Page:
FIGS. 14-15 are alternative views of timing diagram 1400 of data being sent through time-multiplexed barrel shifter block 1300. Data can be loaded into the registers and other combinatorial logic on a rising edge of a clock, a falling edge of a clock, or both a rising and falling edge of a clock. For clarity, FIGS. 14-15 are described herein in the context of data being loaded and signals being sent during a rising edge of a clock.

Prior to valid data being loaded into various registers, the contents in those registers are not important and have been designated with an “X” (in FIG. 14) or left blank (in FIG. 15). Although not shown, barrel shifter block 1300 may need at least two clock cycles for initialization. Data DIN that is to be barrel-shifted in barrel shifter 1310 is sent over two clock cycles (each set of data is labeled D0, D1, D2, etc., with each half of the data for a given set being represented by an “A” or “B”). In a first CLK cycle, a first half of data D0 (D0-A) is loaded into register R0. In a second CLK cycle, clock divider 1330 is also clocked. Clock divider 1430 clocks register R1 every other clock cycle (e.g., CLK cycles 2, 4, 6, 8, 10, etc.). Data D0-A is loaded into register R1-A. At the same time, a second half of data D0 (D0-B) is loaded into registers R0 and R1-B.

Data D0 in register R1 is barrel shifted to produce resulting data S0 so that by a third CLK cycle, a first half of data S0 (S0-A) is stored in register R2 and a second half of data S0 (S0-B) is selected by multiplexers 1320 to be output to register R3. Also during the third CLK cycle, a first half of data D1 (D1-A) is loaded into register R0.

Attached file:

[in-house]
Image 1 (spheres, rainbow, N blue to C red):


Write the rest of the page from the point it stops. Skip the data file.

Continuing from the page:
In a fourth CLK cycle, data in register R3 (S0-B) is sent as output data S-OUT and the contents of register R2 (S0-A) are sent through multiplexers 1320 and loaded into register R3. Also in the fourth CLK cycle, data D1-A is loaded into register R1-A and a second half of data D1 (D1-B) is loaded into registers R0 and R1-B.

In a fifth CLK cycle, data in register R3 (S0-A) is sent as output data S-OUT. Data D1 in register R1 is barrel shifted to produce resulting data S1 so that by the fifth CLK cycle, a first half of data S1 (S1-A) is stored in register R2 and a second half of data S1 (S1-B) is selected by multiplexers 1320 to be output to register R3. Also during the fifth CLK cycle, a first half of data D2 (D2-A) is loaded into register R0.

In a sixth CLK cycle, data in register R3 (S1-B) is sent as output data S-OUT and the contents of register R2 (S1-A) are sent through multiplexers 1320 and loaded into register R3. Also in the sixth CLK cycle, data D2-A is loaded into register R1-A and a second half of data D2 (D2-B) is loaded into registers R0 and R1-B. Beginning at the fourth CLK cycle, data is output from barrel shifter block 1300 each clock cycle.